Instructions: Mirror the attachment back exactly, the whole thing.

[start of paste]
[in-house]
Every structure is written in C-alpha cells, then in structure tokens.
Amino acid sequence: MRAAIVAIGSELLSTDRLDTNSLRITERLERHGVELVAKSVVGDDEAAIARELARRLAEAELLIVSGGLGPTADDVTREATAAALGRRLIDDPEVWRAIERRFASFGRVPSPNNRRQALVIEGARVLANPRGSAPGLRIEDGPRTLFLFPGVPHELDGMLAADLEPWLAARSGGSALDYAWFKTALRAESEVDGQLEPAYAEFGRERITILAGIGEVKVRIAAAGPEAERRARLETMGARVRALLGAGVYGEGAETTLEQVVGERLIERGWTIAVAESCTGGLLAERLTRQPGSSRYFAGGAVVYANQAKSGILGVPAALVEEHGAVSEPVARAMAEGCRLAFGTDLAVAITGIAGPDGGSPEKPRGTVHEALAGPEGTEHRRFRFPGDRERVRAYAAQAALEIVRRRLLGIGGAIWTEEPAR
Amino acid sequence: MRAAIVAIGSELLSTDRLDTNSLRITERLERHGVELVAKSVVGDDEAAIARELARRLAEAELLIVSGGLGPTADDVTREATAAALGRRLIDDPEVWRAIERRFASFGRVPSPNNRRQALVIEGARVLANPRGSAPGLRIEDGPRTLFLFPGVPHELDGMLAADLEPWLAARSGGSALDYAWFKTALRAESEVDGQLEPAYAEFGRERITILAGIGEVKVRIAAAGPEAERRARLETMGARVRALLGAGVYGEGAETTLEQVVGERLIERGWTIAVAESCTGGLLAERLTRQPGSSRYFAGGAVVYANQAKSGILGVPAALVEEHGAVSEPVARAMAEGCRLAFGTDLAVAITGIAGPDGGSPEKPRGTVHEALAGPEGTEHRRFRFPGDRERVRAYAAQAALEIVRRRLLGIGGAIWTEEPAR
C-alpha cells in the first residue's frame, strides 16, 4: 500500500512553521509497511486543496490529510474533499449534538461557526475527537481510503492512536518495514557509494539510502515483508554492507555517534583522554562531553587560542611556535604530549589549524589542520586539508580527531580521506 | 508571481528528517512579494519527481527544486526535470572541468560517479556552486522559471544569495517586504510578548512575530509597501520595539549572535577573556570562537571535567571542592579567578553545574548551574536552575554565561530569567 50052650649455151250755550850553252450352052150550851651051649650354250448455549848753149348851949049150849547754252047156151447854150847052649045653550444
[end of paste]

[in-house]
Every structure is written in C-alpha cells, then in structure tokens.
Amino acid sequence: MRAAIVAIGSELLSTDRLDTNSLRITERLERHGVELVAKSVVGDDEAAIARELARRLAEAELLIVSGGLGPTADDVTREATAAALGRRLIDDPEVWRAIERRFASFGRVPSPNNRRQALVIEGARVLANPRGSAPGLRIEDGPRTLFLFPGVPHELDGMLAADLEPWLAARSGGSALDYAWFKTALRAESEVDGQLEPAYAEFGRERITILAGIGEVKVRIAAAGPEAERRARLETMGARVRALLGAGVYGEGAETTLEQVVGERLIERGWTIAVAESCTGGLLAERLTRQPGSSRYFAGGAVVYANQAKSGILGVPAALVEEHGAVSEPVARAMAEGCRLAFGTDLAVAITGIAGPDGGSPEKPRGTVHEALAGPEGTEHRRFRFPGDRERVRAYAAQAALEIVRRRLLGIGGAIWTEEPAR
Amino acid sequence: MRAAIVAIGSELLSTDRLDTNSLRITERLERHGVELVAKSVVGDDEAAIARELARRLAEAELLIVSGGLGPTADDVTREATAAALGRRLIDDPEVWRAIERRFASFGRVPSPNNRRQALVIEGARVLANPRGSAPGLRIEDGPRTLFLFPGVPHELDGMLAADLEPWLAARSGGSALDYAWFKTALRAESEVDGQLEPAYAEFGRERITILAGIGEVKVRIAAAGPEAERRARLETMGARVRALLGAGVYGEGAETTLEQVVGERLIERGWTIAVAESCTGGLLAERLTRQPGSSRYFAGGAVVYANQAKSGILGVPAALVEEHGAVSEPVARAMAEGCRLAFGTDLAVAITGIAGPDGGSPEKPRGTVHEALAGPEGTEHRRFRFPGDRERVRAYAAQAALEIVRRRLLGIGGAIWTEEPAR
C-alpha cells in the first residue's frame, strides 16, 4: 500500500512553521509497511486543496490529510474533499449534538461557526475527537481510503492512536518495514557509494539510502515483508554492507555517534583522554562531553587560542611556535604530549589549524589542520586539508580527531580521506 | 508571481528528517512579494519527481527544486526535470572541468560517479556552486522559471544569495517586504510578548512575530509597501520595539549572535577573556570562537571535567571542592579567578553545574548551574536552575554565561530569567 50052650649455151250755550850553252450352052150550851651051649650354250448455549848753149348851949049150849547754252047156151447854150847052649045653550444